Voters Still Unsure After Presidential Debates

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COLUMBIA COUNTY -- Voters in Columbia County said this presidential election is one of the most important they've seen in decades.

Voters have watched the candidates debate behind podiums, tackle the tough issues in a town hall setting, and even the late night shows have weighed in on Vote 2012.

Many voters in Columbia County have watched President Barack Obama and Gov. Mitt Romney closely.

Eleanor Welliver lives just outside Bloomsburg. She came to the fairgrounds for a senior health expo.  Eleanor says she was an undecided voter for a while and watched all four debates, paying close attention to health issues, and to the candidates' character.

"I got a feeling from each one. I looked at their eyes, their contact with one another and all, and I really think it helped," said Welliver.

She's not saying who she'll vote for, but says the debates helped her make up her mind.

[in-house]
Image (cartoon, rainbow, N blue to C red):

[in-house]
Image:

Just down the road in Berwick, we met Stephanie Bodnar as she finished up her grocery shopping. She told Newswatch 16 she hasn't paid much attention to the debates, but worries about the upcoming election and the effect it could have on her family's future.

"I'm not happy with what Obama has not accomplished, I don't know that I care for the healthcare plan, and I'm just still not sure about Romney, so it's just really up in the air," said Bodnar.

With just a couple more weeks to make up their minds, some undecided voters say they'll be listening to the candidates closely, to hear what they have to say about issues here on Main Street, down on Wall Street and around the world.

"I'm not a Democrat or Republican. I vote for the best person I think fit for the job, and at this point, I don't think it matters who's at the helm, I think the country is going to go where it's going to go," said Douglas Weinand of Scott Township. 

Weinand does plumbing work around the Bloomsburg area, and watched the candidates' prime-time debates. He says they looked more like a cat fight. He wants more answers before either candidate will earn his vote.

"The debt my children are going to inherit, that we created, I think that's the biggest concern I have, and the foreign countries that are buying our debt are going to own most of our country," said Weinand.

"It's tough this year. I really believe it's going to be the hardest one we've had in my lifetime," said Welliver.

Many other voters did not want to speak on camera, but say they are watching this election extremely close, fact-checking the candidate's statements and plan to vote on November 6.